How immigrants are redefining 'American' in Southern California

American snapshot: May Day downtown, today

Photo by Mae Ryan/KPCC

A protester wheels "aliens," including an E.T. doll, down the street in downtown Los Angeles, May 1, 2012

KPCC's Mae Ryan has been in downtown L.A. this afternoon snapping photos of various protesters as a series of May Day marches converge, including an immigrant rights march.

This protester wins the prize for creativity. From Mae's notes: "A man carts aliens with shirts that read "I don't want to be an Alien. I want to be legal." We had no idea, E.T. Now you're out.

More on the day's rallies at KPCC.org; also, a post on Multi-American explores the directions in which the immigrant rights movement has gone since the historic May Day rallies of 2006.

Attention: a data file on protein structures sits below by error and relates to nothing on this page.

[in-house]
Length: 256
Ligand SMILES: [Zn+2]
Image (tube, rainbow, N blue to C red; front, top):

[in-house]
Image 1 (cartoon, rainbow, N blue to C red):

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American snapshot: A worker on Workers' Day, downtown

Photo by Leslie Berestein Rojas/KPCC

American flags and wide-brimmed hats for sale at a May Day immigrant rights rally in downtown L.A., May 1, 2011

One of several May Day rallies taking place in Los Angeles today is an immigrant rights march downtown this afternoon, the latest in a series of annual large rallies organized by immigrant rights advocates each May 1 since 2006, the year of the so-called “Great American Boycott.” 

A constant presence during these marches are the people who are work them, not as organizers but as entrepreneurs. They are almost exclusively immigrants, business-minded individuals who come to the rallies with their hot dog and paleta carts or coolers loaded with sliced fruit to cater to hungry protesters, who arrive toting wide-brimmed hats to sell to those wanting to fend off the sun, or who bring along a load of miniature plastic American flags for the patriotically inclined.

During last year's May Day immigrant rights march in Los Angeles, which drew about 4,000 people downtown, I snapped several portraits of these enterprising workers who never let up. Because they are in the land of opportunity for a reason.

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